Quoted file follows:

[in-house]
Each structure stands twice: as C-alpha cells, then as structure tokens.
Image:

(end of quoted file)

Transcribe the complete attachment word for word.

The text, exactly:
[in-house]
Each structure stands twice: as C-alpha cells, then as structure tokens.
Image: